This language is fixed in the template for each NOI served on the Copyright Office.

So you might not expect to find this Copyright Office public record on Sweet Emotion:

Sweet Emotion CO Catalog

So it seems pretty clear that Sweet Emotion does not qualify for an address unknown NOI and it also appears that the attestation in that “address unknown” NOI is false.  It’s also pretty likely that the music users are actually paying royalties under voluntary licenses that cover the Aerosmith titles.  They are also likely paying under the performance rights licenses to the Aerosmith PRO.  If that’s true, money isn’t the issue.  So if it’s not that they care about paying the royalty, then why are these users filing “address unknown” NOIs on titles for which they are highly likely to know the song owner’s address, making the filing false.

You’d have to ask the services why they would want to have a voluntary license–which has a term that expires–and a compulsory license–that is essentially perpetual and will continue on past the expiration of the voluntary license.  There is an assumption that voluntary licenses will be renewed, but of course if you have a side-by-side compulsory license there’s no incentive for the user to renew the voluntary license when they could just rely on the compulsory and let the voluntary license expire.  And avoid paying those nasty minimum guarantees.  Particularly if the controversial Music Modernization Act is passed into law because all those mass NOI “address unknown” filing will be automatically swept into the MMA’s automatic blanket license.

Of course if anyone bothered to check any of these mass NOIs–this means you, Copyright Office–they would have found a fly in the ointment.  Or maybe millions of flies.

And what is even more interesting is that it is highly likely that somebody at the services knows their company’s attestation is false (perhaps hundreds of thousands or even millions of attestations).  Which leads us to Martha Stewart.

If you recall, one of the transgressions that got Martha Stewart some time in stir was making false statements to agents of the federal government.  The particular statute that Ms. Stewart violated was 18 U.S.C. Sec. 1001 which states:

(a) Except as otherwise provided in this section, whoever, in any matter within the jurisdiction of the executive, legislative, or judicial branch of the Government of the United States, knowingly and willfully—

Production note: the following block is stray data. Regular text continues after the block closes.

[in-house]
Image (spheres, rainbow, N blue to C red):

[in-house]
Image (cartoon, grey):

(1) falsifies, conceals, or covers up by any trick, scheme, or device a material fact;

(2) makes any materially false, fictitious, or fraudulent statement or representation; or

(3) makes or uses any false writing or document knowing the same to contain any materially false, fictitious, or fraudulent statement or entry;

shall be fined under this title, imprisoned not more than 5 years or, if the offense involves international or domestic terrorism (as defined in section 2331), imprisoned not more than 8 years, or both. If the matter relates to an offense under chapter 109A, 109B, 110, or 117, or section 1591, then the term of imprisonment imposed under this section shall be not more than 8 years.

(b) Subsection (a) does not apply to a party to a judicial proceeding, or that party’s counsel, for statements, representations, writings or documents submitted by such party or counsel to a judge or magistrate in that proceeding.

(c) With respect to any matter within the jurisdiction of the legislative branch, subsection (a) shall apply only to—

(1) administrative matters, including a claim for payment, a matter related to the procurement of property or services, personnel or employment practices, or support services, or a document required by law, rule, or regulation to be submitted to the Congress or any office or officer within the legislative branch [such as the Copyright Office, part of the Library of Congress]; or

(2) any investigation or review, conducted pursuant to the authority of any committee, subcommittee, commission or office of the Congress, consistent with applicable rules of the House or Senate.